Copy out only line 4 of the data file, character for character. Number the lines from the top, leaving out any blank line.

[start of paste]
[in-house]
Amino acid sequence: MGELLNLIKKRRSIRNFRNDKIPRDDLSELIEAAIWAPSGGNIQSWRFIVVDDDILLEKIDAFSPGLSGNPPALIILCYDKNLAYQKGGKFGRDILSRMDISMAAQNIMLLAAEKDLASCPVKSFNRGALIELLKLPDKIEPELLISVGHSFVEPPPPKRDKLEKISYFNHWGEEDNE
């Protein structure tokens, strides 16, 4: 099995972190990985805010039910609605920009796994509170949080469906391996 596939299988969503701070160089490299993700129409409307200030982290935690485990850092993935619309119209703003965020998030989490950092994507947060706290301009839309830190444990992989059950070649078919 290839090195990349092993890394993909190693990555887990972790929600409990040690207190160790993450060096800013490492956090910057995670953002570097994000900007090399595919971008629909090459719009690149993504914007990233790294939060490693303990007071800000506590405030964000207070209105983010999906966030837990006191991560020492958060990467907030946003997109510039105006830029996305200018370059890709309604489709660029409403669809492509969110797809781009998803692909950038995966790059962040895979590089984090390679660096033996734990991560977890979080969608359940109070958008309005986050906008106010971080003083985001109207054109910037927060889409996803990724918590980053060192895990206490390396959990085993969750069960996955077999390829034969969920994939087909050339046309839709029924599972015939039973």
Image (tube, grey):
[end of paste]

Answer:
Image (tube, grey):